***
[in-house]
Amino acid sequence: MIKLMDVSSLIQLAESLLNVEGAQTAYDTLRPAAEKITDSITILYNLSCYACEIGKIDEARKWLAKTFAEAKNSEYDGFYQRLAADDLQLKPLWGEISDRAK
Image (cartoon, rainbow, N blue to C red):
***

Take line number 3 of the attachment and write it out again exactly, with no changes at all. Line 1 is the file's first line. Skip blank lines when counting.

Image (cartoon, rainbow, N blue to C red):